In 1934 as managing director of BHP, Essington Lewis travelled to Japan, he was concerned that Japan was headed to war.
So on his return, Lewis immediately drew up plans for BHP to start stockpiling raw materials and to manufacture munitions to improve Australia’s defence.
By 1936, in cooperation with Holden and Orica, BHP formed the Commonwealth Aircraft Corporation. By 1937, they were making planes at a factory in Melbourne.
Eventually, the Australian designed Wirraway warplane would be manufactured there.
Today we face similar threats to our nation’s defence given the aggressive conduct of the Chinese Communist Party. Who, however, among our nation’s corporate leaders would play a role like Essington’s in helping to bolster our nation’s defences?
An unremarked vulnerability of our nation now, compared to then, is the distinct lack of evident patriotism of our corporate sector. I would gamble that you are more likely to find rainbow flags flying in our nation’s corporate offices than Australian flags.
We need our corporate leaders back on Team Australia to help defend this country and all the benefits it has provided to our businesses.
I know that there are business leaders that are patriotic, that do worry about the threat of Chinese aggression. What we need though is more of these people to publicly shout their love of country so we can remove the unwarranted, social-media-driven stigma of being patriotic.
There is much talk in the corporate sector about the importance of Environmental, Social and Governance principles. An ESG approach seeks to put principles over profit. If companies are expected to prioritise the environment over profits, why shouldn’t they prioritise patriotism over profits too?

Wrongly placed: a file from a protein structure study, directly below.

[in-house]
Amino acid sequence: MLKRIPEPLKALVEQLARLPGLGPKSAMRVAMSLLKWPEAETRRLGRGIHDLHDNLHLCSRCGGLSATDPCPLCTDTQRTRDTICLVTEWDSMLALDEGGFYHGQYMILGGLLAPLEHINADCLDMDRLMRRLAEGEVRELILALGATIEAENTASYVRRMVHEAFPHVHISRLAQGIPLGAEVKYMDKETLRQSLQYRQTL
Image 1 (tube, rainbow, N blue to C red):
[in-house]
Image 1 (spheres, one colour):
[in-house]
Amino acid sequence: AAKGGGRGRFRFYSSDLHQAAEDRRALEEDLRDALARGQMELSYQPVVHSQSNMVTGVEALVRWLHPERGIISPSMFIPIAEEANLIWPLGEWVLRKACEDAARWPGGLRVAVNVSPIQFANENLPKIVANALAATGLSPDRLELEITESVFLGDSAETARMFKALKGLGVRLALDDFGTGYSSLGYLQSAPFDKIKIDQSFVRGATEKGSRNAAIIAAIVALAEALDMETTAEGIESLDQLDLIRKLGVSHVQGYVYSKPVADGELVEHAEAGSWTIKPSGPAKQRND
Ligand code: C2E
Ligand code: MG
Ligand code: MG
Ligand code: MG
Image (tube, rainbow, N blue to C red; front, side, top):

This would make business sense. Most large Australian companies have climate change plans. We are told these are in place to protect the viability of the business from the impacts of climate change. Yet, when I ask Australian companies whether they have a China plan, I normally get a blank response. But the risks and consequences of China triggering a conflict in our region are much greater than any impact of climate change, especially to those Australian businesses heavily reliant on iron ore for profits.
Instead of organising press conferences with Chinese government officials, our corporate leaders should develop plans to tackle the Chinese Communist Party.
All Australian companies have benefited from the generosity of the Australian government over the past year. I don’t expect companies to pay back JobKeeper directly, but indirectly there is a moral obligation for Australian companies to be part of a NationKeeper program that sees them invest in industries that can strengthen Australia’s defence capabilities.
With that in mind, Australian businesses could help Buy Back Australia. The Whyalla steel mill is in some difficulty at the moment. I would love to see an Australian mining company get back to steel making and buy it.
Why can’t our superannuation funds get together and create a consortium to buy back the Darwin, Newcastle and Melbourne ports from Chinese investors?
Essington Lewis made a habit of regularly visiting the mines and shop floors of his company. On one visit he asked an employee what the magnifying glass on the shadow board was for. The worker shot back to his boss with a brilliant mix of Aussie humour and contempt for authority, “that’s so I can see me pay”.
Our business leaders need to get off social media and spend more time with their workforces. There I am sure they will find people who want to defend our nation against Chinese aggression, whatever the cost to their jobs or livelihoods. Australia is worth the sacrifice.